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Overrated Bodybuilding Supplements

overrated bodybuilding supplements

We should qualify the word "overrated" because the dietary supplement industry has become seriously big business, with an annual turnover in the USA of well over $40 billion a year. Overrated includes supplementation that does not fall into the well-proven value of taking supplements like vitamin C, D and B, omega-3s, probiotics, and others. Unfortunately, not all supplements produce results; many are only very popular because they're marketed so well. Below are a few of the most overrated bodybuilding supplements.

1. Protein Powder

This product was aggressively marketed for its ability to improve your recovery time and increase the rate of muscle growth. Protein powder has been through numerous well-controlled studies, but to date none of these studies have found any significant ergogenic effect on muscle or exercise performance.

Many feel that is you are getting adequate protein in your diet, from meat, eggs, fish, milk, etc. then protein powder is a waste of money.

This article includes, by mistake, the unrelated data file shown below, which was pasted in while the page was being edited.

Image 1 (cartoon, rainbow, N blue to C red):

2. Nitric Oxide (NO)

The big marketing tool for this new Nitric Oxide or NO explained in rather graphic detail how it will improve muscle growth and recovery because of the vasodilation it causes. It turns out this was all hype because the Nitric Oxide capsules were found to have no nitric oxide in them but arginine. There have been no accepted studies showing arginine to have any benefit in athletic performance.

3. Glutamine

The rationale for using glutamine comes from a study done on very sick patients with severe burns, sepsis, and cachexia, all showing extremely low levels in muscle glutamine, which is an amino acid. When patients were then given this amino acid it improved their muscle protein balance. Unfortunately, when active individuals took this information as glutamine can build more muscle to enhance performance, they were wrong.

They were wrong because despite glutamine leaving muscles in large quantities when exercising, it never drops that much. No study that has been done to date which has been clearly able to show that ingested glutamine (even in very large doses) will increase muscle levels in glutamine.

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